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Reserves Over the Transitions to Floating and to Inflation Targeting: Lessons From the Developed World

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  • Fernando Aportela
  • Francisco Gallego
  • Pablo García

Abstract

This paper highlights the evolution of official international reserves in developed countries that transited towards Inflation Targeting (IT) and/or floating exchange rates. We find several results that are of interest to policymakers in emerging countries, such as Brazil, Chile and Mexico, which have revamped their monetary and exchange rate arrangements along those lines. First, the adoption of a floating exchange rate and an IT framework are associated with a persistent 10% to 20% reduction in real official reserves held at the Central Bank. Second, this reduction in official reserves corresponds mainly to a reallocation of international liquidity towards the private financial sector, that accommodates part of the effect on the level or composition of the net foreign asset position of the countries. Third, there is a clear change in the correlation between interest rate differentials and the dynamics of official reserves, strongly supporting the Mundell-Fleming result regarding the exogeneity of money supply under floating exchange rates. Fourth, the latter also shows that, once constraints on exchange rate volatility are removed, the stock of reserves can be determined independently by the Central Bank, according to cost-benefit analysis, without hindering the credibility of the combination of a floating regime and inflation targeting.

Suggested Citation

  • Fernando Aportela & Francisco Gallego & Pablo García, 2003. "Reserves Over the Transitions to Floating and to Inflation Targeting: Lessons From the Developed World," Working Papers Central Bank of Chile 211, Central Bank of Chile.
  • Handle: RePEc:chb:bcchwp:211
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    References listed on IDEAS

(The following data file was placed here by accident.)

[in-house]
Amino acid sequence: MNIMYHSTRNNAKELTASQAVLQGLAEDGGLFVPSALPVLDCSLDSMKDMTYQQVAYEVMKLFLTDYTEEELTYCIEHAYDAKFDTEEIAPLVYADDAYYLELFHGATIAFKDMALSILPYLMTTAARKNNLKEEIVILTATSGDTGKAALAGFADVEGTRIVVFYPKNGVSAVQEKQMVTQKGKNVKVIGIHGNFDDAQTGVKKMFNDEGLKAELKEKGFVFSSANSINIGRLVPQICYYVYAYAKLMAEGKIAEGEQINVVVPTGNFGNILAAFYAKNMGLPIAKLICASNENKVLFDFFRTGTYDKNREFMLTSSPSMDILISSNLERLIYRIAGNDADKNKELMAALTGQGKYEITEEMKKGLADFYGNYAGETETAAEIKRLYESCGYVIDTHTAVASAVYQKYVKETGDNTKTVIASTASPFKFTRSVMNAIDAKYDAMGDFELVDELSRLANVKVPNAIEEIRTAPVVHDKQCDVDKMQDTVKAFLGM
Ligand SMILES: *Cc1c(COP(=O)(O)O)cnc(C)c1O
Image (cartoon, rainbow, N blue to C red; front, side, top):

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    1. Guillermo A. Calvo & Carmen M. Reinhart, 2002. "Fear of Floating," The Quarterly Journal of Economics, Oxford University Press, vol. 117(2), pages 379-408.
    2. Ricardo J. Caballero & Arvind Krishnamurthy, 2000. "International Liquidity Management: Sterilization Policy in Illiquid Financial Markets," NBER Working Papers 7740, National Bureau of Economic Research, Inc.
    3. Aart Kraay & Norman Loayza & Luis Servén & Jaume Ventura, 2005. "Country Portfolios," Journal of the European Economic Association, MIT Press, vol. 3(4), pages 914-945, June.
    4. Manuel R. Agosin & Ernesto Pastén H., 2003. "Corporate Governance in Chile," Working Papers Central Bank of Chile 209, Central Bank of Chile.
    5. Roberto Chang & Andrés Velasco, 2000. "Liquidity Crises in Emerging Markets: Theory and Policy," NBER Chapters,in: NBER Macroeconomics Annual 1999, Volume 14, pages 11-78 National Bureau of Economic Research, Inc.
    6. Rodrigo Fuentes & Alejandro Jara & Klaus Schmidt-Hebbel & Matías Tapia & Erika Arraño, 2003. "Efectos de la Nominalización de la Política Monetaria en Chile," Working Papers Central Bank of Chile 197, Central Bank of Chile.
    7. Martin Feldstein, 1999. "Self-Protection for Emerging Market Economies," NBER Working Papers 6907, National Bureau of Economic Research, Inc.
    8. Ricardo J. Caballero, 2000. "Macroeconomic Volatility in Latin America: A Conceptual Framework and Three Case Studies," ECONOMIA JOURNAL, THE LATIN AMERICAN AND CARIBBEAN ECONOMIC ASSOCIATION - LACEA, vol. 0(Fall 2000), pages 31-107, August.
    9. Amartya Lahiri & Carlos A. Végh, 2002. "Living with the Fear of Floating: An Optimal Policy Perspective," NBER Chapters,in: Preventing Currency Crises in Emerging Markets, pages 663-704 National Bureau of Economic Research, Inc.
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    Cited by:

    1. Claudio Soto G. & Alberto Naudon D. & Eduardo López E. & Álvaro Aguirre R., 2004. "About International Reserve Adequacy: The Case of Chile," Journal Economía Chilena (The Chilean Economy), Central Bank of Chile, vol. 7(3), pages 5-34, December.
    2. Claudio Soto & Alberto Naudon & Eduardo López & Alvaro Aguirre, 2004. "Acerca del Nivel Adecuado de las Reservas Internacionales," Working Papers Central Bank of Chile 267, Central Bank of Chile.

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